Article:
The winding hole at the top of The River Lee must be the prettiest on the system. Theo old maltings that have now been converted and the cottages along the bank.
First job was a visit to Sainsbury’s and also find a post box, that done we were on our way a little after 9-30 am. Going in front of the weir we passed this chap who was trying to get a Darwin award. He is walking along the safety barrier in front of the weir that stops boats drawn onto the weir. We were going to fill with water at Mill Road Bridge but the boat behind us needed water so we just dropped off the rubbish and headed down stream. At the first lock I spotted this cast iron post, I am guessing that RLT stands for River Lee something.
A little further on we passed the New Gauging House that meters the water flow to the New River, this in turn flows all the way to Stoke Newington Reservoir. There is a lot more information about it HERE
The A10 crosses the river and the low lands on a very long concrete viaduct and bridge, I wonder how many motorists realise how high in the air they are.
We filled with water just above Stansted Lock, the water point is on the lock mooring so while we were filling up I filled the lock ready. On this river you leave the gates open which is good, but the boat ahead of us also left the offside paddle up so its something you need to watch for, this was the second lock he has done it at. By the time or tank was full so was the lock and of course you have to open the swing bridge before you can use the lock. The bridge moves quite easily and its the road access to the Lee and Stort Cruising Club.
We made a brief stop at Rye House mooring on the offside where there is a picnic area with good daytime moorings. We walked to the gateway expecting that to be it, the boat was unlocked and the engine running still, we then found we could walk in the grounds which show the outline of the old building, from here we walked round the front and found it open so we went inside and right to the very top. It was a very brief visit and we couldn’t even give a donation as we had no money with us and as I said the boat was unlocked with the engine running.
We had just set off when we met a flotilla of wooden boat, It seemed that most of the rowers were women for some reason. The elderly gent on the narrow punt was actually paddling with his punt pole when we first saw him.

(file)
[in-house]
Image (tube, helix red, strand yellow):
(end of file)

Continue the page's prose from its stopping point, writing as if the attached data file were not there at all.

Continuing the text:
Behind the fence in the background of the chap on the punt is a Go Kart track, such a contrast. From here it was only a short distance until we turned left up the River Stort, we entered the Stort at about quarter to one and met a boat on the first sharp bend. The Story is a lot narrower and twistier that the River Lee, also the locks are a bit narrower so there isn’t room to get 2 Narrowboats in at a time.
At the first lock there was this delightful floating Duck House, please ignore the “NO Mooring” signs, others do. The duck I thought at first was stuffed as it was almost motionless. I take it he gets towed around when they move.
The bottom ground paddles on this waterway are very simple, just a cast iron plate on the end of a rod in a runner fixed the the lock wall. Bridge number 6 on this canal is very low and tested my new flexible flag mast on the bows to good effect. As you can see the weather station only just made it. Just beyond the bridge on the right hand side you can just see the stern of Kingfisher the inspection launch, I will try for a better picture on my way down.
The afternoon was feeling quite warm and we were in the area of our planned stopping place so when we left Hunsdone Lock and saw some vacant visitor mooring with rings in the shade of some trees we stopped. The only down side is we are on the approach to Stansted Airport, right on it. Maybe that is why there were vacancies.